When caring is not enough: Emotional labor and youth shelter workers
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Organizations often dictate how their employees should behave through explicit rules and structures. In addition, sociologists and organizational theorists suggest that organizations invest energy, time, and money into creating a uniform mentality through selective hiring, formal meetings, and informal gatherings. Based on in-depth interviews with seven frontline workers at a Canadian youth shelter, this article explores the concept of emotional labor by workers who struggle with their organization's culture and its demands on them. I suggest that the: negative consequences of the demand for emotional labor can be: mitigated when workers both identify positively with their work and I have a strong sense of solidarity with their coworkers.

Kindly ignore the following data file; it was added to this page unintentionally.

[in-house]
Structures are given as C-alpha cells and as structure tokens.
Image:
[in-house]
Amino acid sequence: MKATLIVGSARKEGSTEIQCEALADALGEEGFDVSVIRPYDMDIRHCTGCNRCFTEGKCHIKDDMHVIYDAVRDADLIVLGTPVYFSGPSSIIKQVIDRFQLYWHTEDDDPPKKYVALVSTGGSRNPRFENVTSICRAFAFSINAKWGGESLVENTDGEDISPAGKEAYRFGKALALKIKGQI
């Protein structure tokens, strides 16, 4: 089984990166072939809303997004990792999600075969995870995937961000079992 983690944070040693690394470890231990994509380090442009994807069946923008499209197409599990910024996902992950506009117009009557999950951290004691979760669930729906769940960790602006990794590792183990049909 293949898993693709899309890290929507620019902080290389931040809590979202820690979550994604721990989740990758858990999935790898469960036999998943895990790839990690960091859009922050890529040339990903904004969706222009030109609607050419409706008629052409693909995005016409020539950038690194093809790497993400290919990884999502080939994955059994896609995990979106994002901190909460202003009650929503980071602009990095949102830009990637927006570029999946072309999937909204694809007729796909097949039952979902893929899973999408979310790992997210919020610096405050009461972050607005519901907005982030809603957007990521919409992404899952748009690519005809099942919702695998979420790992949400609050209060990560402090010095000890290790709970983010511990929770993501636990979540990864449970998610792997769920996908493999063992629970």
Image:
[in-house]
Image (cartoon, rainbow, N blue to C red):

Karabanow, J.. 1999. "When caring is not enough: Emotional labor and youth shelter workers." Social Service Review 73(3): 340-357.